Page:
Writing

I wish I had completed stories I could put up here, but alas they’re all still being formed. Some more than others, but not one is anywhere near finished. Actually, I lied. I have two completed short stories, both of them fanfiction.

There’s the bizarre Harry Potter fanfic I wrote from a dream I had while I was trying to get to sleep. You know, one of those dreams that your brain whips up when you’re falling asleep or starting to wake up. The incredibly weird, warped dreams that make you go “what?” It was one of those and it made me wake right up and scribble it down before trying to get to sleep again. I’ll post that one soon – I’m quite proud of it.

And then there’s the Bucky Barnes fic that also came from a dream (you’ll find, as I write more about my stories, that this is an all too common trend for me). It was after I’d watched Captain America: The Winter Soldier in theater for about the third time (it was a damn good movie. And I have a very soft spot for Sebastain Stan.) That one I may post. Haven’t quite decided yet.

But those are the only two that are done. And neither are original works. Writing is excruciatingly difficult, at least for me. I’m always too hard on myself for not producing great first drafts before reminding myself that it’s a first draft and the whole point of it is to not be perfect. Then there’s stewing over ideas and minute plot points that really don’t matter right now; staring at black word documents willing the words to come out, being able to see in your mind exactly what you want to happen but not being able to put it into writing; endless procrastination; the hoards of self-doubt goblins that are drawn to you like moths to a flame, making you re-read old story ideas or, god forbid, old drafts of the thing your working on; going down a hole of too much research and forgetting why you’re there in the first place; and, the most dreaded of all: writer’s block. 

If you shudder at simply seeing the words, I hear you. I just got over a year long block. One whole year. Bah. When it went away it was like a fog being lifted from around me, and it was thanks to my mom getting me Complete The Story from Barnes & Noble.* This book is amazing. Seriously, if you’re having a bad bout of writer’s block, buy this book and try to do prompts regularly (I aimed for one a day but certainly didn’t meet that goal, and that’s okay! Don’t box yourself in with hard-lined goals that set you up for a nice round of beating yourself up about it when you don’t meet them.) Let the prompts take you where they take you, let them be as long or as short as you want them to be. They’re the most helpful and freeing writing exercises I’ve ever done. I’ve tried using other prompt books before, but none of them have helped me like this one. I bought a notebook to accompany it so that if I was on a roll and ran out of space in the book, I could continue on with it.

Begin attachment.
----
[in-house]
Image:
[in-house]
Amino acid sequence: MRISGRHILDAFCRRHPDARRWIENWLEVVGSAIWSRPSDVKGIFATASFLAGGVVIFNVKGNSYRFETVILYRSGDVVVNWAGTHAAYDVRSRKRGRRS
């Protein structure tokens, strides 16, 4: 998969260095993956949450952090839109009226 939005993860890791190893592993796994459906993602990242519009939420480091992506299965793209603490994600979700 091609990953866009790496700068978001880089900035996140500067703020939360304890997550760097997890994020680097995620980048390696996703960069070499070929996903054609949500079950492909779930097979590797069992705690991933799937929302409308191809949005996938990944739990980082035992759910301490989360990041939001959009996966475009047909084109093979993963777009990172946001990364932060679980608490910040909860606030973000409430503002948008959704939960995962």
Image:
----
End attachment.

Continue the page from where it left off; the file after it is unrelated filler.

But now I’m back, baby! And it feels so good to be writing again. I’m currently resurrecting the beginning of a novel I started in…2014 I believe, and I’d really burned myself out on it, so shoved it in some folders and let it sit on my desktop until now. It’s really exciting to be working on it once more, and I still love the premise. 

I went about it a different way this time. I downloaded this character planner app on my phone (it’s a very handy app – the only downfall in my opinion is that it’s static, you can’t create an account and access your characters on other devices), and during breaks at work I rebuilt my protagonists from the ground up. You can also create locations and write scenes in the app, but I vastly prefer using a physical keyboard or pen and paper to write. Once my characters were rounded out, I started writing. Not even the beginning of the story, just random scenes that I might not even use. I was being very cautious around it, not wanting to spook the writer’s block that was still lurking at the very edges of my mind.

Some tricks I’ve been using:
-Don’t look at what you’ve just written. Seriously. There’s the danger of losing the creative train of thought you just had or what I call accidental editing, where you really didn’t want to edit but couldn’t help seeing things that need to be fixed and fixing them, thus killing the aforementioned train of thought.
-Use separate word docs for each writing session, or chapter, or when you have a certain amount of words in one document. This will help prevent accidental editing
-Write as frequently as possible, but don’t force yourself to write if you absolutely do not want to. I know this goes against what a lot of authors say, but for me, personally, forcing myself to write when I’m just not feeling it at all will very often lead to loss of enthusiasm and writer’s block. Sometimes I’ll write maybe three measly words, but three words is better than no words.
-Write in the morning! I used to be one of those people who would wake up and immediately check their phone, and get stuck down a hole of pointless social media. It set my day up for less productivity, both at work and at home. Now I get up, get dressed, prepare anything I need for work, then write. Mornings are when I’m most creative, and it’s been the best lifestyle tweak I’ve made in a long time. 

That’s all I have on this subject for now, and I’ve just realized I’ve skipped breakfast. Time for some food.

 

*This is not a paid promotion, I just really like this book

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